5. thinking of paradata makes me think of the ‘feelies‘ that accompanied the first wave of computer gaming (here’s the Grail Diary, by the way). Maybe a call for archaeogames should explicitly call for feelies that can be printed, bound, pdf’d, whatever so that it is impossible to rely on the text alone to understand the argument. Bind the material with the digital.
6. which reminds me of ARGs, but we’ll leave that to one side for now (though check out this).
And finally, spend some time looking at Amanda Visconti’s digital dissertation, and contrast that with the draft AHA guidelines for evaluating digital scholarship. The latter is very much concerned with making digital scholarship feel ‘ok’ to existing modes of scholarship (and that’s important); the former gives us a model for thinking through what the actual look of a ‘collected volume’ of #archaeogames might …look… like. I especially appreciate her approach to LOCKSS (lots of copies keeps stuff safe), with web archival recordings, submission of materials to the Internet Archive Wayback machine, zips of her github repo (itself something one could also fork – copy – as well), XML for all wordpress posts.
So these thoughts are banging around in my head. I started sketching on paper:
Let’s pick that apart, because my hands are shaky, the tablet is heavy and clunky, and the picture frankly is abysmal.
Theme – a call for archaeogames should have some sort of thematic focus. I’m a Romanist (was a Romanist?). Let’s set the theme as ‘Roman Urban Spaces’. Broad to allow many voices; narrow enough for some sort of thematic unity, some sort of understanding, to emerge from our digital scholarship. The call for games would want games that explicitly use the affordances of whatever platform the creator chooses to make their argument.
Process – what was neat about the Writing History in the Digital Age project, and the Web Writing project was the way every step in the process was extraordinarily clear. What would the process look like here? Drawing on Andrew & Tara’s suggestions, I’m thinking that since we’re both a) teaching/encouraging people to write scholarship via games and b) teaching/encouraging people to read/play scholarship written in games, we have to keep things fairly simple. So –
– a sign up form, with a one-paragraph ‘here’s my idea, roughly’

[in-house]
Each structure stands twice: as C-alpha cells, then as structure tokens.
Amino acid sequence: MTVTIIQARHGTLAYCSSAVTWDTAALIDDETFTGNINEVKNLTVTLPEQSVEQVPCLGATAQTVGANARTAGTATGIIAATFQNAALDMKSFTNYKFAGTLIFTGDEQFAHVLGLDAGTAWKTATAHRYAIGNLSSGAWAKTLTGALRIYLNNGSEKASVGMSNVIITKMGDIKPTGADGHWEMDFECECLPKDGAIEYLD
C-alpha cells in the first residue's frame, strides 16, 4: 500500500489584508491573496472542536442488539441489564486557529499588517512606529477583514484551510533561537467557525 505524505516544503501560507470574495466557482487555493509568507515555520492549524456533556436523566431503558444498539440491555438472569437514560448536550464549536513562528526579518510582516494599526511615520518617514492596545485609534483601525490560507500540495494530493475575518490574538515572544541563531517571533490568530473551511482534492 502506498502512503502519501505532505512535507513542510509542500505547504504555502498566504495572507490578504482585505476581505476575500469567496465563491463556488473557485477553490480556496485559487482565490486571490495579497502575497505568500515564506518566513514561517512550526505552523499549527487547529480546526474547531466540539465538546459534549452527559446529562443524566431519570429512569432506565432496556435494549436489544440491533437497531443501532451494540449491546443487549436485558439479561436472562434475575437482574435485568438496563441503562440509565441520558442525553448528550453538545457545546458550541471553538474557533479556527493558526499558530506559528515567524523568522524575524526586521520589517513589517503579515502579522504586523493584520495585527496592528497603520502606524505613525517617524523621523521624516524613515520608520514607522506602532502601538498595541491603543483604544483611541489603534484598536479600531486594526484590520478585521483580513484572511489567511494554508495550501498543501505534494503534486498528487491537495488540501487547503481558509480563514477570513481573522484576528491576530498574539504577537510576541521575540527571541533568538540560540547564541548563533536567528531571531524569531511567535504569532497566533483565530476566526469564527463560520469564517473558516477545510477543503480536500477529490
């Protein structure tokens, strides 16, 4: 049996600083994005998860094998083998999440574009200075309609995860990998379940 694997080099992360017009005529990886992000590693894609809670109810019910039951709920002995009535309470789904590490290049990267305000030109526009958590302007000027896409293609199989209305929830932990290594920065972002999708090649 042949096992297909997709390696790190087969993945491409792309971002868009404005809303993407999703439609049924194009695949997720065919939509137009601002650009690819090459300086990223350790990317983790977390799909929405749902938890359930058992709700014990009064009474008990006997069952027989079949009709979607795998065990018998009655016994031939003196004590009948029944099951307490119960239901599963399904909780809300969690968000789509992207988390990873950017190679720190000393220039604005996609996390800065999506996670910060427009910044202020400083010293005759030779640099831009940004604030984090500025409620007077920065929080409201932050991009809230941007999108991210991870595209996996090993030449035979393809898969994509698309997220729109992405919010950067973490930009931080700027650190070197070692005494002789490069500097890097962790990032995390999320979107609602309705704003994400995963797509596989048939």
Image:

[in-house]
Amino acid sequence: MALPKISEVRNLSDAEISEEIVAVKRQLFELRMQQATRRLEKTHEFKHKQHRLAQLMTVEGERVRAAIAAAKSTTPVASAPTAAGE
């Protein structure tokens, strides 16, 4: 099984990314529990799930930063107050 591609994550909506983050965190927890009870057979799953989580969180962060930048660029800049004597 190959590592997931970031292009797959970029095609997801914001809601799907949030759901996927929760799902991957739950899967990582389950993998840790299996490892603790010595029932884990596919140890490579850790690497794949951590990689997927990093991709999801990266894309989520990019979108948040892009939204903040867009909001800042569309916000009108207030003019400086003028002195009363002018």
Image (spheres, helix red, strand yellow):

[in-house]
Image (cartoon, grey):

– a website with a tumblr-like page for each project, where authors would document their process; in something like this, the process itself is an extremely important scholarly output. Reader/players would be encouraged to comment here. Gitbooks.io might be a good spot, as text and code can be integrated, multiple authorship is no problem. I’m sure there are many options here.
– each author to maintain a github repo with their code (which would also mean we might have to teach people how to use github), linked from their project page.
– three months to build the game (whatever form, genre, etc that it may take).
– a due date for the paradata (guidelines to be provided) at roughly the same time, remembering that paradata could be text or itself gameful
– an open review period after that due date, where reader/players comment on a holistic-view of the entire project written by the editors.
– a subsequent round of polishing for those authors’ work deemed to move on to the next phase, the decision being based on the impact of the argument, sophistication (not necessarily technical) of the piece, the engagement with the reader/players… obviously, something to flesh out a *lot* more.
Outcome – what’s the (ahem) endgame for all this? Maybe –
– final publication as a website along the Visconti model, with the playable games made available, and with all code lodged in an open repository. We’d have to find one of these, though there are more coming onstream every day.
– perhaps approach Internet Archaeology. We have a dataverse repo here at Carleton that could work too.
Clear statements on intellectual property absolutely would need to be developed at the outset. I see no reason why the IP shouldn’t remain with the author/creators.